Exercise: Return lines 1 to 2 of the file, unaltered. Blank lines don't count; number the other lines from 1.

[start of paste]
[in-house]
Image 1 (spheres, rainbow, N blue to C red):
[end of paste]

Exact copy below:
[in-house]
Image 1 (spheres, rainbow, N blue to C red):